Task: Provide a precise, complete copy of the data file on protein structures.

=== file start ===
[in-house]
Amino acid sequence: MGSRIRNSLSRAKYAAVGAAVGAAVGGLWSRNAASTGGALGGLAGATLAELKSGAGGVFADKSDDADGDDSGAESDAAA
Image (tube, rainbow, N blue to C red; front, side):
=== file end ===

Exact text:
[in-house]
Amino acid sequence: MGSRIRNSLSRAKYAAVGAAVGAAVGGLWSRNAASTGGALGGLAGATLAELKSGAGGVFADKSDDADGDDSGAESDAAA
Image (tube, rainbow, N blue to C red; front, side):